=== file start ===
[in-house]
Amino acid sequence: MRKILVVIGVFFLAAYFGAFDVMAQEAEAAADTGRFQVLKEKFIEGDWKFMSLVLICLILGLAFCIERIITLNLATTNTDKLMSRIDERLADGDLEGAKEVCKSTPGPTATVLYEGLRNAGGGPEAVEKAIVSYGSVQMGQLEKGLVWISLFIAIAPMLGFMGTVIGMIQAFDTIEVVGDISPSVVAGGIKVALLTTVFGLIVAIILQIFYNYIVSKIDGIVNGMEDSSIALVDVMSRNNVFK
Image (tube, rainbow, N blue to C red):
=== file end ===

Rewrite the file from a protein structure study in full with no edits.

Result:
[in-house]
Amino acid sequence: MRKILVVIGVFFLAAYFGAFDVMAQEAEAAADTGRFQVLKEKFIEGDWKFMSLVLICLILGLAFCIERIITLNLATTNTDKLMSRIDERLADGDLEGAKEVCKSTPGPTATVLYEGLRNAGGGPEAVEKAIVSYGSVQMGQLEKGLVWISLFIAIAPMLGFMGTVIGMIQAFDTIEVVGDISPSVVAGGIKVALLTTVFGLIVAIILQIFYNYIVSKIDGIVNGMEDSSIALVDVMSRNNVFK
Image (tube, rainbow, N blue to C red):